The Five Golden Rules of Good Classroom Management , Rule 1

by | 04.22.2014
Are you an ESL teacher with classroom management problems? Have you got a handful of troublemakers who wear you out? Or has the whole class taken over and you find it hard to teach anything?
Why the classroom management problem in the first place?
Firstly, let’s look at reasons why the children might be misbehaving. Are they bored? Does learning English not engage them? Are they fed up with sitting at their desks? Maybe the children find English hard and do not think they can learn it so they hide their lack of confidence behind an excuse of misbehavior. Maybe the naughty child just thinks that the teacher does not like him or her. Or maybe the children are not motivated to be good because they are never praised when they are well behaved.
One thing is for sure; you must be the boss, because, if you are not in charge then the children will be. And that’s the last thing you want!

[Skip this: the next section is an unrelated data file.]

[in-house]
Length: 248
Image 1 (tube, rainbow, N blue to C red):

There are many techniques and strategies for good classroom management and ultimately you have to develop your own personal style that fits with your philosophy in life and that is also effective. In addition, you must comply with the rules of the establishment you work in.
The Only REAL Classroom Management Solution
Rather than a plan, strategy or technique, the vital key to good classroom management comes from the ESL teacher’s attitude and decision to earn the love and respect of your students. Think about it, if students like you and respect you they will naturally behave well and pay attention because they want to please you. So how can an ESL teacher make this happen?

Rule 1
Be a mentor not a friend and earn the children’s trust by being firm, fair and consistent.
Save yourself the humiliation of trying to be the students’ best buddy, they will probably laugh at you behind your back. Rather be their mentor, a model for them to copy, not only in terms of learning English but also in terms of how you expect them to behave. You are someone they can trust and come to for help.
The children will trust you if you are consistent, clear in establishing the rules from day one and consistent in applying them. If you are inconsistent, if you yell at the children or lose your cool, suddenly punish a child unexpectedly, put them down, be sarcastic or embarrass them, they will know that they cannot trust you.

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